The point of view used in this brilliant story is limited third-person, as the detached narrator is only given access to the thoughts and feelings of Gurov and we only perceive Ann Sergeyevna through what she says and does. We are never given access to her thoughts and feelings and it is only through Gurov that we can learn about her. This of course presents us with a curiously limited narrative style, as again and again we are forced to draw our own conclusions about Anna through what Gurov sees and thinks about her. Even the title of the story itself draws attention to this limitation, as it shows the way that Gurov does not know the name of this new lady with her pet dog.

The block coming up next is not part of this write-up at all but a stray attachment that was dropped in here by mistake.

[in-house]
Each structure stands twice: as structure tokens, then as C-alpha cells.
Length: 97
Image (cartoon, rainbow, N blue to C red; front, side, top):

However, this narrative style does allow Chekhov to subtly depict the gradual change and shift of Gurov's feelings and emotions about this anonymous lady. What is notable about this account of one man's change through a relationship is that Gurov never considers the feelings of how his family might be impacted by his adultery. He only thinks of Anna. The narrative style therefore helps maintain a focus on the central character, Gurov, and his shift from viewing himself as somebody who has taken up seduction as a hobby to somebody who is deeply in love and willing to sacrifice anything to hold on to that love. It is interesting that at the end of the story, the narrative style changes abruptly as Chekhov presents us with both of their thoughts when he says: "it was clear to both of them that the end was still far off..." Clearly, the abrupt change of narration as we are given access to both of their thoughts is meant to underline the unity that they have gained in their relationship.